Design by Sawyer Pennington, Underlying photo by Jon Tyson on Unsplash


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I don't know about you, but although I knew that 2019 was coming to an end, I hadn't really been thinking about it in terms of the end of a decade. That is, until I started seeing all the newspaper articles and television programs not only running their usual year-end summaries, but also looking back on the entire decade.


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Well, it definitely is not as big a deal as the turn of the century. I remember that everyone was worried about Y2K, and whether there would be serious computer problems related to going from 1999 to 2000. Plus, people were worried there would be a champagne shortage. But, neither of those two "catastrophes" actually happened.


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Seriously? People were actually worried about a champagne shortage?


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Wine producers and retailers probably started the idea of so much celebrating, and not enough champagne. Turns out there were shortages of some of the high-end champagnes in certain places, and overall champagne sales were up significantly.


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I should've guessed that your memories would be business-related.


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In that instance, yes. But, you are the one who likes to travel down memory lane, not I. So, are you reminiscing about the past decade or just the past year?


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Until all the media hype, I hadn't really thought about it being a new decade. But when I did, it was bittersweet because the girls were 10 years younger.


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So were you. So was I.


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But it's different when you're thinking about how quickly your children grow up. Anyway, I understand that you're not nostalgic, and you definitely never play the "what if" game, but I find it hard to believe that you won't reminisce, even a little, over the past 10 years, or even the last year.


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Our past has led us to where we are, and you can learn from it, but that is different from reminiscing. You need to live in the present and know that it will influence the future.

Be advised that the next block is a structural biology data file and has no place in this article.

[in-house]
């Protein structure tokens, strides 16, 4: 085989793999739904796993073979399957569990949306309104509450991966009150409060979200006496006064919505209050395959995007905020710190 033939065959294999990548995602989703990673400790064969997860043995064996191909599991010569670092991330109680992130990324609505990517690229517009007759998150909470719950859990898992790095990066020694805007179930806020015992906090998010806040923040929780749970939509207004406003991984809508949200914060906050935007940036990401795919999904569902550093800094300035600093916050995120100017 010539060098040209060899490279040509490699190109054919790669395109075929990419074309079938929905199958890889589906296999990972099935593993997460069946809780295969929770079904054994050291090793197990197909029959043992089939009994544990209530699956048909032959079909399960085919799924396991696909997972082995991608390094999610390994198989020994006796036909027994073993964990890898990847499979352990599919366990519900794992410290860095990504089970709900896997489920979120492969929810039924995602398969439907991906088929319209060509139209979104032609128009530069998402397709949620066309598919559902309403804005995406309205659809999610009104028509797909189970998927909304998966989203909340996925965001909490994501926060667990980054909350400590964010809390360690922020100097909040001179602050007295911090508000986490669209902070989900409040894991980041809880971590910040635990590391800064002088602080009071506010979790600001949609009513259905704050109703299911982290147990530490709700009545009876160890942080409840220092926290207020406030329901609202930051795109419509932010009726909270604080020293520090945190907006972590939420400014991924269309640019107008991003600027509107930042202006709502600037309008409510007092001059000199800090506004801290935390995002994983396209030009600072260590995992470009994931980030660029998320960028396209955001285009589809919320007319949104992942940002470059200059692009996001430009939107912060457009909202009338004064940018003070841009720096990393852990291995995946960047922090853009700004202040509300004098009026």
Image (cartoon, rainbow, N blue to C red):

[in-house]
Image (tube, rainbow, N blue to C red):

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But how do you learn from the past if you don't take the time – and I'm not saying a large amount of time – to think back about it?


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You do that as you go, you do not think back over an entire year. Or, an entire decade. Especially since those are arbitrary time periods based on calendars.


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When you put it like that, it does seem a little crazy. I guess it does make a lot more sense to just learn and make adjustments as you go vs. letting the "mistakes" pile up.


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You cannot change the past. But, what you do today does impact the future. The key is finding the right balance between savoring the moment and planning for the future.


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You'd think that as we get older, we'd learn to do things better, to approach things better, to just, well, at the risk of sounding like Melania Trump, be better. But for many of us, that's not the case.


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With age comes experience, not wisdom.


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Wow! You're probably going to roll your eyes at this, but I never really thought about it that way. But it's so true. The concept of "learning from your mistakes" is something we hear a lot, especially when we're growing up. Unfortunately, I think that often stops when we become adults.


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Learning should never stop – especially as we can learn from both our "mistakes" and our good experiences. It just takes the desire to do so.


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That sounds good, but for us "mere mortals" it can be a little more difficult, as we tend to do things the way we always have. We get caught up in our day-to-day lives and before you know it another week – another month – another year – another decade has come and gone.